Rating sites - sites like Glassdoor and Vault that contain unvarnished reviews of your company as a place to work from current and former employees.  The veracity of these ratings is certainly subject to debate, but the fact is they are out there, and there is some chance that candidates and new employees are reading them way before they get the opportunity to admire that new Ficus tree in the HR reception area.

    What their friends say - This is likely more imporant that all the other individual factors above, but certainly is infliuencesd by them all.  We trust our friends.  We want to find out as much as we can about potential employers.  What our friends say about the company is shaped by all the various encounters they have had with the organization in the areas above, and by direct experience.  You can't control what people will say about your organization as a place to work, but by honest assessment of your efforts (web, social, community, etc.) you can take steps to influence what is said.

    A final thought, the last time someone asked you, 'What is it like to work there?' have you ever mentioned the decor of the HR offices?

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    Reader Comments (8)

    steve, the only exception i'd make is for those orgs that truly put a lot of thought into their design and use it to demonstrate what they stand for. i think of ikea. every part of their design, from their parking lot to their stairs, speaks of their business principles and culture. but if you're not going to go this far and it's just a surface overhaul, then forget it. it'll fall apart just about as quickly as those extreme makeovers do.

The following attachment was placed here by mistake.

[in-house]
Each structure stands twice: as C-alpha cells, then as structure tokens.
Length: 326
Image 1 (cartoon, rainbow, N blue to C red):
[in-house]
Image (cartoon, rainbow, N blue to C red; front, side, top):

October 7, 2009 | Unregistered Commenterfran melmed

    darn, i forgot this other exception! if your office decor's stuck in the 70s or 80s, then talent walking in the door is going to assume that your level of innovation may be similarly stuck.

    October 7, 2009 | Unregistered Commenterfran melmed

    From your lips to Gods ears...so true especially today. I loved this piece it couldn't be more timely.

    October 7, 2009 | Unregistered CommenterTraci

    Great ideas here of which many HR leaders don't have first hand experience.

    October 7, 2009 | Unregistered CommenterNaomi Bloom

    @fran - Thanks, I do agree with you and perhaps I should have more clearly articulated that just focusing on the decor and environment of the HR offices was really the issue this organization is facing. Because I know for certain they are not at all very cognizant of the other areas I mentioned.

    @Traci - Thanks very much! If I had a large company I would put you in charge of my branding and we would be all set!

    @Naomi - Thanks as always for checking in and your support. You are the best.

    October 7, 2009 | Registered CommenterSteve

    Also, "Trailer Park HR" can exist within a beautiful structure......sounds like another blog idea. Great read, and good points.

    October 11, 2009 | Unregistered CommenterYonica

    Thanks Yonica - I definitely have to come up with the 'Trailer Park HR' post soon!

    October 12, 2009 | Registered CommenterSteve

    If you are in the corner and have no cash to move out from that, you would have to take the mortgage loans. Because that will help you for sure. I take financial loan every year and feel fine because of this.

    March 19, 2010 | Unregistered CommenterKeriSandoval